Read about the symptoms of MS and how to detect them.
Each MS (multiple sclerosis) patient may experience different symptoms of MS, which might last for a long period of time, come and go sporadically, or even disappear altogether. Symptoms of MS vary according to the specific location and extent of damage. For example, if the patient's motor nerves are damaged, symptoms may include muscle weakness or vision problems. Fortunately, most symptoms of MS can be successfully treated.
Symptoms of MS can range from fatigue to vision loss to speech problems. MS is a result of damage to the central nervous system that affects the spinal cord and brain. Numbness or burning sensations are two of the symptoms of MS that result from sensory nerve damage, while motor nerve damage can cause muscle weakness. The National Multiple Sclerosis Society's Symptoms Web Page provides detailed information about symptoms and links to resources.
Fatigue is the most common symptom of MS; however, MS fatigue is quite different from the ordinary fatigue that people may experience from time to time. Many MS patients experience fatigue so overwhelming that they have trouble with everyday activities like simple household chores or driving to work. The fatigue is usually present every day and can become more intense with each passing hour. Hot, humid weather tends to worsen fatigue. Treatment options for this symptom of MS include occupational or group therapy and medications.
Numbness, tingling or burning feelings are other common symptoms of MS. These sensations are usually felt in the arms, legs, body or face. Numbness most often occurs on one side of the body. Some MS sufferers even report electric shock sensations when moving their head a certain way. Depending on the severity of these symptoms of MS, the patient's activities may be limited. Numbness in the legs, for example, can affect a patient's ability to walk.
Problems with walking, balance and coordination comprise another group of multiple sclerosis symptoms. Muscle weakness, tight or "spastic" muscles, and poor balance make it difficult for MS patients to move normally. Medications, physical therapy and stretching exercises can help combat these symptoms of MS.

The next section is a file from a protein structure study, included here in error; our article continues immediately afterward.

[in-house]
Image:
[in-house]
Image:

Inflammation of the optic nerve or disruption of the nerve signals related to vision can cause a range of vision problems in an MS patient, including uncontrolled eye movement, double vision, blindness in one eye, pain during eye movement or blurry vision. Anyone experiencing these or any other symptoms of MS should see a physician for correct diagnosis and treatment.
Many MS patients also suffer from bladder-related symptoms of MS, such as frequent or urgent urination or incontinence. Changes in diet and fluid intake, as well as certain medications, can help alleviate these symptoms. Bowel problems like constipation or diarrhea are also fairly common, and these too can be treated with dietary changes (for example, drinking enough water and a eating a high-fiber diet) and medications.
About half of all MS sufferers experience chronic pain, which is often described as aching, burning or muscle cramps. The pain can be felt in the face, back or other parts of the body. To relieve these symptoms of MS, doctors may prescribe medications, exercise, massage, physical therapy or alternative treatments such as yoga or acupuncture.
Dizziness, lightheadedness and even vertigo (a feeling that one is spinning) are uncomfortable symptoms of MS that often respond to over-the-counter and prescription medications. There are many other symptoms of MS, including sexual problems, memory loss, inability to concentrate, muscle stiffness, muscle spasms, slurred speech, tremors and depression. If you have any of these symptoms, it's critical that you see your doctor as soon as possible for proper evaluation and diagnosis.